Today I worked in a Grade 3/4 classroom, introducing the game Roll & Risk.  This game reviews regrouping 2 digit numbers using dice and Base 10 blocks in an engaging manner.  After creating a two-digit target number by rolling a die twice (first roll for the tens digit; second roll for the ones), pairs of students work towards rolling the die and adding the appropriate number of Base 10 blocks, getting as close to their target number as possible without going over.  Each roll can be taken as either a tens or ones.  For example, with a target number of 43, and a first roll of 5, students will have to decide if they should take 5 tens or 5 ones.  They soon realize that taking 5 tens will immediately push them over their target number of 43, so take it as 5 ones, and continue rolling, regrouping ones as tens when necessary.  As they get closer and closer to their target number, they must decide when they should stop rolling.  After a couple of rounds of the game students realize that once their within 6 numbers of their target number, it is getting risky to roll again.                                                                                                                                                

The classroom was humming as the students discussed game strategies with their partners, and when I walked around with guiding questions, I could see that they were understanding not only the regrouping that was being reviewed from a previous year, but also the probability concepts necessary to success for this game.  When students got off track (one pair had a target number of 99 which I naturally questioned), it took only a quiet question or two to get them back on track (ie. "What is the largest possible number you can roll on one die?").

I can't take credit for the creation of the game; it was developed as part of the Ontario Ministry of Education's "Edugains" site, and full lesson plans can be found at this link:  Roll and Risk  On the right you will see "Counting & Representation; if you scroll down under that title you will find "Base Ten - Game 1" and Base Ten - Game 2".  Game 1 is for 2 digit numbers and Game 2 is for 3 digit numbers.  The full game summary as well as the recording sheet can be found by clicking on "Printable Documents" over Counting & Representation.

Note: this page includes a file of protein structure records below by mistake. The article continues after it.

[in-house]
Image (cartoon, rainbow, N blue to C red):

I've also created a Smart Notebook resource to introduce both versions of the game.  Students love coming up and rolling the interactive dice, and the cloned Base 10 blocks make it easy for students to understand the regrouping that is part of the game.  Check it out here:  Roll & Risk Smart Notebook Place Value Game

 Tomorrow I'll be doing a similar game, only with subtraction, with a Grade 6 class.  Have a great day!

October 14, 2012

Welcome to Coach's Corner!

Hi!  My name is Margie, and I'm excited to be entering the blogging world.  I am a teacher in southwestern Ontario in Canada, and usually can be found teaching in the Grade 3 to 5 range.  This year, however, I am fortunate to be working within my school board as a "Numeracy Facilitator" in Grades 1-6 classes.  I will be supporting and working alongside classroom teachers as they implement engaging and thoughtful three-part math lessons.  At the moment I'm working between two schools, each of which has amazing teachers who have welcomed me into their classrooms.  During the coming months I hope to share some of the strategies and successes in these classes, and discuss any and all ideas about education with you.

A bit about myself:  I live in rural Ontario with my husband, 15 year old son and 13 year old daughter, as well as a small dog, Mia.  I enjoy the peace and quiet here in the country, and spend much of my time either reading or creating things for my Teachers Pay Teachers store.  Most of my extended family lives within a half-hour of our home, which is something I missed when I lived near Toronto before I returned home, got married and found a job here.